Peace Now says many settlers move from Israel or abroad
A meeting between Israel's prime minister and a senior US envoy has been cancelled amid growing differences over settlement building in the West Bank.
Israeli newspaper Yediot Aharonot said the US put off the meeting in response to Benjamin Netanyahu's refusal to heed US demands to halt settlement activity.
But Mr Netanyahu's aides say it was the prime minister who cancelled Thursday's meeting with George Mitchell in Paris.
They said "more professional work" was needed, without adding further details.
Instead, Israeli Defence Minister Ehud Barak is now scheduled to travel to Washington on Monday to meet Mr Mitchell.
Mr Netanyahu has arrived in Paris from Rome, on his first trip to Europe since he took office.
He is promoting his hawkish line on Iran, seeking harsher sanctions over its nuclear programme.
US State Department officials confirmed that the bilateral talks in Paris had been postponed, but they did not explain why it was necessary for their envoy to see Mr Barak on Monday instead.
US President Barack Obama has called for a freeze on construction of settlements, which are widely viewed as illegal under international law.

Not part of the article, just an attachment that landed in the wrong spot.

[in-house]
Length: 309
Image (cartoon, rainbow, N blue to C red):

Mr Netanyahu has said he will not build additional enclaves in occupied Palestinian territory - but he wants to continue building within existing settlements to foster what Israel views as their "natural growth".
Mr Netanyahu is on his first visit to Europe since taking office as Israeli PM
However, Israeli anti-settlement group Peace Now said on Wednesday that the rise in settler numbers is considerably greater than the birth-rate.
They cite figures from Israel's Central Bureau of Statistics which show that 36% of all new settlers in 2007 had moved from Israel or abroad.
About 300,000 Israelis live in settlements in the West Bank and and another 180,000 in East Jerusalem. These were among the Arab territories captured by Israel in the 1967 war.
The number of Jewish settlers in the West Bank was 116,300 in 1993 - when Israel and the Palestinians signed the landmark Oslo accords in which both sides undertook not to take any action that would undermine negotiations towards a permanent resolution.
The Palestinian Authority wants to establish a future Palestinian state in the whole of the West Bank, East Jerusalem and the Gaza Strip - currently ruled by the rival militant Hamas movement.
Mr Netanyahu finally bowed to US pressure to endorse the principle of Palestinian statehood in a speech 10 days ago, but he put a raft of conditions on its creation which Palestinian leaders called unacceptable.